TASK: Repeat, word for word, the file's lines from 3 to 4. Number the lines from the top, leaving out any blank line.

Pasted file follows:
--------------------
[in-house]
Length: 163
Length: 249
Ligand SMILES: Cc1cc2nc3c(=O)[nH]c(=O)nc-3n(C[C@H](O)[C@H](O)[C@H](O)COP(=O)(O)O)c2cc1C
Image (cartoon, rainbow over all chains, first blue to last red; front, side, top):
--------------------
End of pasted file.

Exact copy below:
Length: 249
Ligand SMILES: Cc1cc2nc3c(=O)[nH]c(=O)nc-3n(C[C@H](O)[C@H](O)[C@H](O)COP(=O)(O)O)c2cc1C